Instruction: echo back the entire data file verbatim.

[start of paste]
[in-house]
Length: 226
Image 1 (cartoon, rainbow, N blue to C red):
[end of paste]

[in-house]
Length: 226
Image 1 (cartoon, rainbow, N blue to C red):